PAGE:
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Pruning Flowering Shrubs

Spring Flowering Shrubs

  • Rhododendrons, Azalea, Forsythia
  • Buds develop during summer.  Prune immediately after flowering

Summer Flowering Shrubs

  • spirea, butterfly bush and rose of Sharon, bloom most profusely on the current year’s growth (new wood).  
  • Prune when dormant (late winter/early spring)
  • Mature flowering shrubs benefit from a more substantial pruning every two to three years. This helps maintain the plant's health and vigour and enhances its appearance.

How to Prune

Step 1: First, remove any dead or diseased wood. Next, select two to four of the oldest, largest stems, equally spaced around the shrub. When removing old stems, try to make the cut as close to the base of the stem as possible.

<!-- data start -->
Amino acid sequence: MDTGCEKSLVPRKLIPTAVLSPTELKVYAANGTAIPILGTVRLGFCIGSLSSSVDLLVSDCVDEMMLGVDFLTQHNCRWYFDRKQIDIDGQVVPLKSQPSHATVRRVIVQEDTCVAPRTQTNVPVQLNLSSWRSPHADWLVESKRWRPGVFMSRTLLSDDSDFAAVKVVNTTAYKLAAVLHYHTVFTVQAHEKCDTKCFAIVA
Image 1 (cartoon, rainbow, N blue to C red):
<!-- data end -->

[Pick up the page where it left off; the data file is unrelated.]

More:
Step 2: You may need to prune some of the younger stems and suckers as well—start by removing any branches that are crossing or rubbing against each other, then prune those that look out of place or are crowding the centre of the plant. Aim to leave a balanced variety of old and new, big and small stems.

Step 3: In general, to head back a stem that's too long, make the cut just above an outward facing bud.  Do not leave stubs above the buds, as they will die.

Pruning Cuts

There are two basic types of pruning cuts: heading cuts, and thinning cuts. 

Heading cuts stimulate growth of buds closest to the wound.  Make heading cuts selectively to reduce shrub height and retain natural form.

Thinning cuts remove branches at their points of origin or attachment. Used in moderation, thinning cuts reduce shrub density without stimulating regrowth.

For more information and diagrams download the document below.

Dinah Wilson,
Apr 15, 2014, 12:31 PM